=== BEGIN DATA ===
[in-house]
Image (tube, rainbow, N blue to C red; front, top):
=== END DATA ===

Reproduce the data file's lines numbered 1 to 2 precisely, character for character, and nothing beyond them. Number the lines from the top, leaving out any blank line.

[in-house]
Image (tube, rainbow, N blue to C red; front, top):